Every sane person in this country agrees that there are too many mass shootings, and something needs to be done about it.
What that something is is where the nation diverges.
The gun rights crowd says the answer is to convince more of the law-abiding to arm themselves so as to fend off the mass killers, such as the pair of 18-year-olds who recently killed between them 31 people in shooting sprees just 10 days apart.
The gun control crowd says the answer is more restrictions on guns, especially semi-automatic assault rifles like those used in the carnage at the Buffalo, New York, supermarket and the Uvalde, Texas, elementary school.
The gun rights crowd’s answer has already been tried and failed, with the number of guns in circulation never higher than it is today. It is past time to give the gun control crowd’s solution a try.
The idea that people can arm themselves sufficiently to ward off attacks like this is ludicrous. We’d all have to be walking around in body armor and have an AR-15 slung over our shoulder.
In Buffalo, there was an armed security guard, a retired policeman, but his handgun was no match for the assailant’s body armor and semi-automatic killing machine.
In Uvalde, there were armed officers on the scene within minutes of the shooter entering the elementary school, but it took almost an hour and a half, and tactical reinforcements, before they were able to take him down.
There is a reason that these mass shooters often arm themselves with menacing semi-automatic weapons such as the AR-15. Those weapons allow them to not only look the part but to kill a lot of people very quickly.
There is no good reason why any adult civilian, whatever their age, needs to be able to own a military-style rifle, or to have ammunition magazines that can hold 100 bullets. To turn such weapons and ammo over to 18-year-olds, though, is total insanity.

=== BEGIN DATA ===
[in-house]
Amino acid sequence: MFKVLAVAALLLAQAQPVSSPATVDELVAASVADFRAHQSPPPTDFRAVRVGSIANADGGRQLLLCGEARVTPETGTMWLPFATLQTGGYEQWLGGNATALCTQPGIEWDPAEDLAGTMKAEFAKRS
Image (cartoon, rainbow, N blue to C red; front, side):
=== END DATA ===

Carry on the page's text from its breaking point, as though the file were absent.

The ideal gun reform would be to draft a real ban on assault weapons, not the loophole-riddled one that Congress tried before and eventually shelved. At a minimum, though, we should be able to agree that a buyer has to be at least 21 years old to acquire a weapon of this type. Some states have such requirements. It should be nationwide.
Some will argue that if 18-year-olds are mature enough to carry an assault weapon in the military, they are mature enough to have one in civilian life, too. The military, though, screens those in whose hands it puts such firearms to ensure that they can be trusted with them. And the military trains these men and women to respect the weapon’s power.
Nothing even close to that happens in civilian gun transactions. Yes, there are background checks, but obviously, as these two mass shootings show, the background checks are either too weak or not detailed enough to determine a person’s state of mind or propensity for violence.
We can be enraged and horrified that anyone would target innocent people for slaughter solely because of their race or schoolchildren because of their vulnerability. These kinds of massacres, though, are going to persist as long as this nation continues to make it easy to obtain the weapons that enable most of the killing.